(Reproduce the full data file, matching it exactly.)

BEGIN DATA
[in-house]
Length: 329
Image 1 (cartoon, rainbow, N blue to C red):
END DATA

[in-house]
Length: 329
Image 1 (cartoon, rainbow, N blue to C red):